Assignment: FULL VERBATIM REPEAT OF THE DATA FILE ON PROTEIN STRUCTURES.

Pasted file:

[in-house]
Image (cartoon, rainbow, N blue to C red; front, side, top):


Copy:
[in-house]
Image (cartoon, rainbow, N blue to C red; front, side, top):